In New York magazine, journalist and advice columnist E. Jean Carroll recently accused Donald Trump of raping her in a Bergdorf Goodman dressing room two decades ago. The president at first claimed he'd never met "this person," even though the article included a photo of the pair together. "I'll say it with great respect," he later told The Hill. "Number one, she’s not my type. Number two, it never happened. It never happened. Okay?"
It was a peculiar defense. "She's not my type" suggests that Trump might rape someone who is his type. It was also not the first time Trump claimed that his taste in women was proof that he could not have assaulted one of them. "Believe me, she would not be my first choice, that I can tell you," he said at a rally in 2016, after businesswoman Jessica Leeds alleged that he groped her in the early 1980s. Adopting a sing-song tone, he continued: "When you looked at that horrible woman last night, you said, 'I don't think so.'"
He was similarly contemptuous of journalist Natasha Stoynoff, who revealed around the same time that Trump forcibly kissed her at Mar-a-Lago in 2005. "Check out her Facebook, you'll understand," he said, smirking. "Look at her. Look at her words. You tell me what you think. I don't think so." The crowd laughed uproariously at this act.
The subjective-attractiveness-as-incontrovertible-evidence argument is not one he reserves for allegations of nonconsensual contact. Last year, Trump repeatedly denied having an extramarital affair with Stormy Daniels, the adult film star to whom he approved a six-figure hush money payment to buy her silence about their extramarital affair. In October, while celebrating a court ruling against Daniels and in his favor, the president hopped on Twitter to refer to her as "Horseface."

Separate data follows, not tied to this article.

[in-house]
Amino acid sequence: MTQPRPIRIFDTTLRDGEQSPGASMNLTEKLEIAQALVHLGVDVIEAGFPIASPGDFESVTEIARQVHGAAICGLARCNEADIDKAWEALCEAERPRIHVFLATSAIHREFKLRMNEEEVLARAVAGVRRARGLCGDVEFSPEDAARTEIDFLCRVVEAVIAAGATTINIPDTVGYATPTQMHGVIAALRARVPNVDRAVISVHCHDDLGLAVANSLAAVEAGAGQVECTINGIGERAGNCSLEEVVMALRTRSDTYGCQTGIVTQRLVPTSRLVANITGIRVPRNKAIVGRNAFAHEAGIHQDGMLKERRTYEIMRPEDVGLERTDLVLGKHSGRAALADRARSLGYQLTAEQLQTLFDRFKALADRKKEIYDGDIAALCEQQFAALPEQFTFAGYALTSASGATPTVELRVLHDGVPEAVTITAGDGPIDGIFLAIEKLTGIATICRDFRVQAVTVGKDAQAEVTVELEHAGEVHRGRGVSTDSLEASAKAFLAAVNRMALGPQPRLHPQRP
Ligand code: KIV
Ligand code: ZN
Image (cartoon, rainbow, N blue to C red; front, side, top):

None of this was particularly concerning to the Senate Republicans with whom The Hill spoke on Tuesday. "I accept his denial at face value," said North Carolina's Thom Tillis. "I think he'll have to contend with that," said Indiana's Mike Braun. Only Maine's Susan Collins—who cast the decisive vote to confirm Republican justice Brett Kavanaugh, also accused of sexual assault, to the Supreme Court last year—wavered a bit, characterizing Trump's not-my-type response as "extremely bizarre."
Originally Appeared on GQ